Professor Gilbert Schönfelder of Germany’s Federal Institute for Risk Assessment talks about the controversy and the challenging search for alternatives.
The Biotechnologist Uwe Marx is working on an alternative to animal testing in laboratories. He developed a miniature version of human organs- microchips cultured with cells to mimic organ structure and function. He believes up to 70 percent of the present-day animal testing can be replaced. Now what do you think about the idea of organ chips? Is that maybe the breakthrough to get rid of all this animal testing?
It's a very forward-looking, promising innovation: technology which is in focus all over the world right now. But I wouldn't say that we get rid of all the animal testings in the next years, or that this technology brings us away from seventy percent of all animal testings right now.
So you think in principle it is possible to set up a system which is very similar to a human body, right?
Well, I wouldn't say that we are on that way already. But we are very close, we can bring different organs on a chip together. But it took us about 500 million years of evolution to create an organism like a human body, bringing all the organs together and functional systems. It's very complex and to build up such a system in such a fast time, to mimic the whole human body at once, it takes a little bit longer.
I understand. So if we don't look that far into the future, I mean what else is there? Can you work with single cells, or what other ideas are there to reduce animal testing?
There is a whole bunch of ideas. We call that the "three R principle." That's reducement, replacement and refinement. So we have tissues, we have simple systems, and we have 3-D-systems, like printers. We can print an organ by using a kind of 3-D-printer to rebuild a system instead of just putting everything together.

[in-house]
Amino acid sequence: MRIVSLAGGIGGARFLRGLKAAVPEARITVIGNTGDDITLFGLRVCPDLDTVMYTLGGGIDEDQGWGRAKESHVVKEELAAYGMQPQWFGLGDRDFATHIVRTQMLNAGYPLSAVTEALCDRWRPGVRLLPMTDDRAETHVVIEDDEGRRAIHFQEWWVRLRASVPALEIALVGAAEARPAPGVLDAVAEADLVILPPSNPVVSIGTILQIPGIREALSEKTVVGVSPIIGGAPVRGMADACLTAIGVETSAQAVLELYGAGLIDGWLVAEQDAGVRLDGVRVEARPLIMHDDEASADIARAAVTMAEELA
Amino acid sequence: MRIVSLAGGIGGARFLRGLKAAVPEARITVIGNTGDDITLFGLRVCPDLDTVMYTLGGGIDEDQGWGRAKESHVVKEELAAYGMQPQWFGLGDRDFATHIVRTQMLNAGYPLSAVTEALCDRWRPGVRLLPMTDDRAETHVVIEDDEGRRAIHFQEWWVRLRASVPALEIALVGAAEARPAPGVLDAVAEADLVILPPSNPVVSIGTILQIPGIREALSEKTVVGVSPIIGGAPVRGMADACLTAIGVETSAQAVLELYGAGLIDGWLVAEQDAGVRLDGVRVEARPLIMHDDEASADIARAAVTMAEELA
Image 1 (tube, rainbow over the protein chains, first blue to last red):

And one day you might even be able to simulate it in the computer?
We're already simulating organ functions. That's what we call in silico experiments. But those experiments, they need a close combination of biological experiments together with bioinformatics or systems biology. But we are trying to get all this data together.
So I can tell that we are heading towards a future which could be very comfortable for animal rights activists, who want to ban all animal testing. Just tell us, what happened if we did so? What if we had to go completely without animal testing?
If we would ban animal testings right now, we get huge problems related to toxicity testing. If we don't have the right alternative, we would face side effects of drugs which were not tested.
Was there anything in the past, an experience that tells us we need it today?
Well, the whole story started with Contergan (thalidomide in English), a drug that was taken in the sixties by pregnant women, and at the end it turned out that their babies had teratology effects.
So we definitely don't want that again and similar effects. Thanks a lot for the talk, Professor Schönfelder.
(Interview: Ingolf Baur)